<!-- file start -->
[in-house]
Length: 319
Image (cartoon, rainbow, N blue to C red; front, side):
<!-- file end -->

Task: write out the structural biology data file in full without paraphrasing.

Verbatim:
[in-house]
Length: 319
Image (cartoon, rainbow, N blue to C red; front, side):